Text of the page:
Once you have asterisk installed and running you need to configure it, to be able to use it as PBX.

Asterisk has a lot of features, and we will start to explore some of them here step by step, in this first post about configuring Asterisk, I will only show you how to configure a single two internals and make them be able to call each other, you may add more than one, as you will see later, and all of them will be able to call each others.

So lets start: Asterisk has two main configuration files, and those are:

/etc/asterisk/sip.conf and /etc/asterisk/extensions.conf

On the first one we will configure the extensions, properties, and on the second one we will configure the dial plans, and how they will be able to reach each other.

Here is a simple example of /etc/asterisk/sip.conf file, with two extensions.

[5010]
type=friend
username=5010
secret=123456
host=dynamic
context=default

[5020]
type=friend
username=5020
secret=123456
host=dynamic
context=default

This will create two extensions, 5010 and 5020, this is assuming they are not behind a nat, if that is the case, this could the configuration file instead.

[5010]
type=friend
nat=yes
username=5010
secret=123456
host=dynamic
context=default

[5020]
type=friend
nat=yes
username=5020
secret=123456
host=dynamic
context=default

Well now, lets explain a little the fields in this configuration file:

  • type: Defines the role the extension will have, and we have three options: - peer: Where the device will only be able to receive calls from the PBX - user: Where the device will only be able to make calls to the PBX - friend: Where the device will be able to both make and receive calls through the PBX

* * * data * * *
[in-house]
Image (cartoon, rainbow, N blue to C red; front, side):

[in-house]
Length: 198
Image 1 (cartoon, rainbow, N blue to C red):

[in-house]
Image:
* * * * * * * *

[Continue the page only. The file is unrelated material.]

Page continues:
• nat: Defines, if the connecting device that will use that profile, is or is not behind nat.
  • username: Defines the username to be used to connect to the PBX
  • secret: Is the password to be able to connect to the PBX
  • host: The IP that the device will have, if it is set to dynamic, that device will be able to log into the PBX from any IP
  • default: This is very important and defines the group at which that profile belongs, and it is used in the /etc/asterisk/extensions.conf file. Now, lets configure the second file: /etc/asterisk/extensions.conf
    [default]
    exten => 5010,1,Dial(SIP/5010)
    
    exten => 5020,1,Dial(SIP/5020)
    
    I am keeping this as simple as possible, for now, and this will only make possible to call from one extension to the other one, this file, contains the rules about dialing, and what to do, when the PBX "sees" the numbers dialed by a remote user. What we see here, is that to reach extension 5010, the PBX should dial 5010 using SIP, and as you can see, those rules belong to the default profile, so you can create a lot of profiles, and each telephone attached to the PBX, will belong to one of them and will be able to do only what this file is allowing it to do, so is more or less like having VLANs, or in this case Virtual PBXs, and later we will see how to permit to call from one VPBX to the other. Well, with this simple configuration you now have a running and working PBX, I will show you later, how to configure Ekiga to use this asterisk configuration.